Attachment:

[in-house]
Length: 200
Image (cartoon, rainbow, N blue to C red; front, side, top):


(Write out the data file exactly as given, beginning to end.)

[in-house]
Length: 200
Image (cartoon, rainbow, N blue to C red; front, side, top):